I think that's a really good idea.  I also think it still has the potential for being a really tough fight, but if you play up the big bad angle perhaps players will be more likely to focus fire and take him out before he does too much damage.  And if he doesn't care about his lackeys, even better.  Looking back, I'm not really sure my players pulled out all the stops in the fight, even though they were aware it was the last encounter.

Also, to detail how it went for us, we only had 4 PCs in the party but to even out the fight I removed two enemies to lower the XP budget.  With there being only three enemies and how the combat played out, there wasn't opportunity for big bad to take out his friends, but I could of course make that happen if need be. 

On the plus side, the players are all players in my DnD group that I DM for and I'm almost always a very forgiving DM, trying to make the encounters scary and tense for them without killing anyone.  So this just proved to them that I WILL DO A TPK IF THE OPPORTUNITY COMES UP.  They were beginning to not believe I had it in me 

Still interested in what others' experiences were in this encounter...

OD&D, 1E and 2E challenged the player. 3E challenged the character, not the player. Now 4E takes it a step further by challenging a GROUP OF PLAYERS to work together as a TEAM. That's why I love 4E.

"Your ability to summon a horde of celestial superbeings at will is making my ... BMX skills look a bit redundant."

"People treat their lack of imagination as if it's the measure of what's silly. Which is silly." - Noon

"Keep On The Shadowfell" would be hailed as a brilliant, revolutionary triumph in game design if it were followed by the words "A Pathfinder Adventure Path by Paizo."

"Falling down is how you grow.  Staying down is how you die.  It's not what happens to you, it's what you do after it happens.”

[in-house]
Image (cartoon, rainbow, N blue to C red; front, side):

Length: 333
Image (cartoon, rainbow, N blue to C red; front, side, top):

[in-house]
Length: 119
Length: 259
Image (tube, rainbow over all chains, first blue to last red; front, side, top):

I tend to improv a lot of the read-aloud text for published modules, so I ended up having a nice "Kneel before the King of All Robots" monologue the one time I've run this so far.  I could totally see how if I had just read the text from the book, that the message would not have gotten across.

Initiative went mostly in the player's favour and every single person shot at him with either a ranged Alpha mutation, a ranged Omega tech weapon, a ranged origin power or their regular ranged weapon.  Two even provoked opportunity attacks to do so given that the hoop warriors got in their faces before they could shoot.  The Iron King got two grenades off before he was killed (and only that because I rolled the recharge). 

To paraphrase one player: "When a mutant bunny is claiming to be the robot messiah there really is only one option."   If it was a scene in a show or movie, the Iron King would have finished his monologue and then the heroes would have looked at each other and rolled their eyes and then lifted their guns and bathed the platform he was on in gun fire and explosions.

It's still a very challenging fight, but as soon as the players figure out at the guy with the grenade launcher standing on the platform who's controlling the big robot arm that's grabbing at you needs to die fast, it should be alright.